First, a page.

We condemn every recourse to violence

We commit ourselves to proclaiming our firm conviction that violence and terrorism are incompatible with the authentic spirit of religion, and, as we condemn every recourse to violence and war in the name of God or of religion, we commit ourselves to doing everything possible to eliminate the root causes of terrorism.

~ Decalogue of Assisi for Peace (2002 Day of Prayer for Peace)

Who feeds not wolves

As long as we remain sheep, we overcome. Even though we may be surrounded by a thousand wolves, we overcome and are victorious. But as soon as we are wolves, we are beaten: for then we lose the support from the Shepherd who feeds not wolves, but only sheep.

~ St. John Chrysostom, Homily 33 on Matthew (trans. Thomas Merton)

Strive for peace

Not to be attached to peace in such a way as to be disturbed by the prospect of losing it, but strive for peace by active humility and obedience and renunciation of my will in order to please God—keep empty. It is essential to our vocation and therefore a duty.

~ Thomas Merton, Entering the Silence: Becoming a Monk and a Writer (The Journals of Thomas Merton Book 2)

We have a responsibility to follow

Our Seraphic Father St. Francis of Assisi, instilled a spirit that sought to seek peace through understanding and acceptance, rather than combating for tranquility through aggression and war; justice in mercy and forgiveness rather than retribution in violent reprisal, availability to all rather than opinionated distance from those who do not share the same ideas and values. St. Francis even suffered in silence when the opinions of others had eventually changed the simplicity and brotherhood he had instituted when men began to seek to follow the Gospel Way. As Spiritual Children of St. Francis of Assisi we have a responsibility to follow the example of our Seraphic Father. Paul, the Apostle, and Matthew, the Evangelist, offer us insights upon which to reflect that we might be elements of reform in our society and be true Advocates of Peace and Proclaimers of God’s Love and Life in the Family of Humanity and in our own families, communities … the Church.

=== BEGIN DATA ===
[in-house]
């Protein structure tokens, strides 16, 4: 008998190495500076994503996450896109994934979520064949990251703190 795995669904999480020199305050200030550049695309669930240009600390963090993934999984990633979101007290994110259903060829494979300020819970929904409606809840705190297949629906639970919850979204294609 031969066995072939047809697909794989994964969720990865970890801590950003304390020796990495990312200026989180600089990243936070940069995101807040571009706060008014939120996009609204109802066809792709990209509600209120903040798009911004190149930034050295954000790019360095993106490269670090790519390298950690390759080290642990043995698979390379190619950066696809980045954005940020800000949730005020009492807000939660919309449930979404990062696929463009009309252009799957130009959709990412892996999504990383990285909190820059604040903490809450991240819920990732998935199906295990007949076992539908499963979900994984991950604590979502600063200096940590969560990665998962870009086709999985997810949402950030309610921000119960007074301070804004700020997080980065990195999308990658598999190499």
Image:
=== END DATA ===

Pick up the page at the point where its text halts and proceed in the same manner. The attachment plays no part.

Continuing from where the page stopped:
~ Fr. Francis A. Sariego, O.F.M.Cap., From the Desk of Fr. Francis – October, 2015

May be living realities

As Secular Franciscans, we commit ourselves to live the Gospel according to Franciscan spirituality in our secular state. We are called to make our own contribution, inspired by the person and message of our Seraphic Father Francis, towards a world in which the dignity of the human person, shared responsibility, and peace and love may be living realities.

~ Handbook for Animators of Justice, Peace and Integrity of Creation (JPIC), National JPIC Commission of the Secular Franciscan Order, USA

The only one

Hard as it is, we need to learn to forgive other people for making us suffer or disappointing us, and even to accept the problems they create for us as graces and blessings. The attitude is neither spontaneous nor natural, but it is the only one by which to achieve peace and interior freedom.

~ Fr. Jacques Philippe, Interior Freedom

Built up day after day

To wage war on misery and to struggle against injustice is to promote, along with improved conditions, the human and spiritual progress of all men, and therefore the common good of humanity. Peace cannot be limited to a mere absence of war, the result of an ever precarious balance of forces. No, peace is something that is built up day after day, in the pursuit of an order intended by God, which implies a more perfect form of justice among men.

~ Pope Paul VI, On the Development of Peoples (Populorum Progressio), #76

Built up day after day

To wage war on misery and to struggle against injustice is to promote, along with improved conditions, the human and spiritual progress of all men, and therefore the common good of humanity. Peace cannot be limited to a mere absence of war, the result of an ever precarious balance of forces. No, peace is something that is built up day after day, in the pursuit of an order intended by God, which implies a more perfect form of justice among men.

~ Pope Paul VI, On the Development of Peoples #76